At our display table, we gave the participants four choices: A) rotten coconut, B) blue cheese, C) rancid butter, or D) other, which allowed a write-in candidate. I did my best to remain non-biased, but in the end I was vindicated when blue cheese won by a slim margin (Fig. 1B). Rotten coconut got a fair number of votes also, but “other” came in second place. Topping the list for write-in candidates: “cleaning spray” and “paint,” and one little girl said the ants smelled exactly like her doctor.

So what is the real answer? We don’t know yet, but we’re not stopping there. In collaboration with Adrian Smith at the University of Illinois, who is working on the trail pheromone of odorous house ants, we’re conducting a chemical analysis. We’ll sample the compounds released by blue cheese, rancid butter, rotten coconut, and of course the ants. Maybe we’ll even try to find that little girl’s doctor! Who knows? When the results are in, we’ll write up our assessment and share the results with the world. Until then, we’ll be trying to figure out how, exactly, to rot a coconut. Any ideas?

By | 2016-11-22T13:47:19+00:00 September 26th, 2013|

About the Author:

Clint Penick is a biologist with interests in development and evolution. For his past work he traveled to India to study “How ants got their queen,” and now he’s working in New York City to study what ants eat and how ants respond to changing temperatures.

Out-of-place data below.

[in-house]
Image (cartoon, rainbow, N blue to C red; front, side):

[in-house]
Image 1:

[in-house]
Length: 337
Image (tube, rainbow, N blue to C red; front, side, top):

18 Comments

  1. george penick September 26, 2013 at 3:06 pm - Reply

    Cool. I’m just not sure what rotten coconut smells like, so trying to pin it on an ant w/b difficult. I’m sure you will find out!

  2. […] sniffers. The odor of the odorous house ant (blue cheese, […]

  3. […] What’s that smell? If it’s like rotten coconut, or Roquefort cheese, it may be ants. […]

  4. Marc February 23, 2014 at 7:04 pm - Reply

    Actually, I find that the fragrant ants in our NC remind my wife and I of Circus Peanuts candy.

  5. Ariel July 20, 2014 at 3:24 pm - Reply

    I myself have dealt with these “famous” ants, and quite recently at that. I have squished quite a few, and after so, I smelled the faint scent of Blue Cheese. Who would have thought such a tiny insect could carry such a bold scent once killed.

  6. Sickobaby August 3, 2014 at 10:33 pm - Reply

    They don’t smell like rotten coconut or blue cheese at all, they smell like some type of chemical. Not sure what, maybe a household cleaning spray or something. All I know is that when I crush them, I 100% smell a chemical like odor. Which is what you’re smelling anyway, since these ants are producing alarm, trail-marking, anti-fungal and antibacterial, and communication chemicals of their own.

    • Sickobaby August 3, 2014 at 10:35 pm - Reply

      It makes more sense to describe the odor as being similar to a man made chemical than something like blue cheese..